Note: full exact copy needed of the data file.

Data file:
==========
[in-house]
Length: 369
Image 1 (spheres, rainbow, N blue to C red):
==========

[in-house]
Length: 369
Image 1 (spheres, rainbow, N blue to C red):